I’m human, and I’m a girl, so usually I freak out about a situation that comes up suddenly in which I have no control over. It can happen anywhere from 2-463739 times a day. First of all, it reminds me of my own weakness. And I remember that God is not up there freaking out with me saying, “Agh! I can’t believe her tire went flat on the highway! I didn’t even see that one coming! One minute she was driving, and then bam! Hit a nail. Shoot.” If that was our God, I might be concerned. But it most certainly is not. He knows us even better than we know ourselves and he knows what will happen to us.

C.S. Lewis warned us about the dangers of living in the future, and honestly, I believe that is a huge reason why we struggle with a loss of peace. Living in the future is most dangerous because it has never happened, and the “future” never will. We will always be in the present, and we can’t control what happens in future events. Mark Twain wrote, “I have known a great many dangers in my lifetime, and most of them have never happened.” How true that is. How many times have I worried about a presentation at school for so long and then by an act of God, the teacher decides not to even include the presentation in their course. And I wasted all that time worrying.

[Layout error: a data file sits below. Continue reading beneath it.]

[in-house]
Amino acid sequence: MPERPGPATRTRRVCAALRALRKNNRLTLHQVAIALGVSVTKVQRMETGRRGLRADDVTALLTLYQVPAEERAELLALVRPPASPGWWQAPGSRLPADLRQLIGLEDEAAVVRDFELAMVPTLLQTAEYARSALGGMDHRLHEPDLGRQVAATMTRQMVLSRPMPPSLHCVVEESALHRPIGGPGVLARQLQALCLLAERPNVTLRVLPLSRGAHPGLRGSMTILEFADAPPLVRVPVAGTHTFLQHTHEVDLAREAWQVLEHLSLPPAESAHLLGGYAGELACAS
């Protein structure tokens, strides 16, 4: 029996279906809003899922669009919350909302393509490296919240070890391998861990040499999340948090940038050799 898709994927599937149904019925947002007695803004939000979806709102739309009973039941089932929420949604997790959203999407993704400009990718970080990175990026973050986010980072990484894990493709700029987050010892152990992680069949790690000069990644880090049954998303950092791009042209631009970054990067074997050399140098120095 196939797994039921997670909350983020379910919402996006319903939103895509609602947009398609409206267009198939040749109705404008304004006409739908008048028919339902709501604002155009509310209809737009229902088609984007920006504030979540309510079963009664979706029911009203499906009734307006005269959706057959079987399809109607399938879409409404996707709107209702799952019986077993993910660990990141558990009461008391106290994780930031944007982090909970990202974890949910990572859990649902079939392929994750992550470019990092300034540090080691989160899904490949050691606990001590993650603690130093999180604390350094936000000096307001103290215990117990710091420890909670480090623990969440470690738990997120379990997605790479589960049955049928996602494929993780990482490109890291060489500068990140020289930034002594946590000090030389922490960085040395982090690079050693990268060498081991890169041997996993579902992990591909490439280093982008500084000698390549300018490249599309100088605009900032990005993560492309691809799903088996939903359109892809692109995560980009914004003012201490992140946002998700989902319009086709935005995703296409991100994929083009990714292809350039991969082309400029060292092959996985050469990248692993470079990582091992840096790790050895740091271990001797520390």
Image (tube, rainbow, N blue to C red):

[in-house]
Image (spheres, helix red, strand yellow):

So keep God’s peace, because He’s giving it for you to have at all times. Don’t live in the future but trust in the security Christ is for us. In this way, we will be able to have peace in our hearts and then we can spread it to others. How you say? By living it out in our own lives, people can’t help but notice and want to emulate.

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It’s this same concept, except with happiness instead of grumpiness. But I couldn’t resist.